Social media has become the great connector. Television allowed information to be broadcast to populations, but social media enables people to create news, and interact with the world around them. In the wake of the earthquakes in Nepal, social media sites have been pitching in to help. Some are raising funds, others are using location data and status updates to confirm that survivors are safe.

Facebook has a safety check tool, that scans for friends that may be in the affected area. Users can then send messages to friends in the affected areas, and get automatic updates when friends declare themselves safe.

The American Red Cross has assembled a database that allows users to report missing persons, or to report themselves as safe, and Google also has a similar platform that allows users to upload photos of missing persons, or to search names in the database by SMS.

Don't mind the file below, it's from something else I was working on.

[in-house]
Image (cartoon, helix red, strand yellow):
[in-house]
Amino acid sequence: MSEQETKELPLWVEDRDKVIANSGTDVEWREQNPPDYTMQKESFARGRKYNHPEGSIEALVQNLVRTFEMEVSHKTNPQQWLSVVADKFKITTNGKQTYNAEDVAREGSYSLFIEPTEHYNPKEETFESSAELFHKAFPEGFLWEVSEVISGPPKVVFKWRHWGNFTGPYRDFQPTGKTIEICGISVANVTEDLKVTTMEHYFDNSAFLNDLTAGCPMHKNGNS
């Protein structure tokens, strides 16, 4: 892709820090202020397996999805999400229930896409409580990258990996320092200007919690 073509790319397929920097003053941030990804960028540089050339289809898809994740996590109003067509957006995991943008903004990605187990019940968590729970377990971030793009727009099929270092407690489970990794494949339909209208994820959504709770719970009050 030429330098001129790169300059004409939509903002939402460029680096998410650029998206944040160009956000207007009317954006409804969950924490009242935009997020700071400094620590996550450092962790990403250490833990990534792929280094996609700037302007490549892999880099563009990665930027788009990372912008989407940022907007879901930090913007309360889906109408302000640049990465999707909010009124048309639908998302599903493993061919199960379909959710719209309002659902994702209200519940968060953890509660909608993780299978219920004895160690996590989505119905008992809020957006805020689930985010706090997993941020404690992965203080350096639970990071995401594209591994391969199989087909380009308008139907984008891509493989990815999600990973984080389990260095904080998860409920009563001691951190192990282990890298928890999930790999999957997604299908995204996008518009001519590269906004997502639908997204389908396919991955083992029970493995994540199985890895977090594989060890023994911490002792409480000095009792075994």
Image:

Crowdfunding platforms have allowed users to quickly organize fundraising efforts, and some campaigns have already collected more than $70,000. Facebook has also featured a donation button at the top of users’ news feeds, and plans to match up to $two-million of donations.

However, Internet users beware: some scams may have popped up in the wake of the disaster as people seek to cash in on a tragedy. App.com provides a list of tips for seeking out the charities that will create the biggest impact and advice for avoiding the scams.

All in all, it seems the majority of people are prepared to help out in any way they can whether its through raising awareness, fundraising, or crowdsourcing. Even big data is pitching in.

Top image courtesy of Shutterstock.

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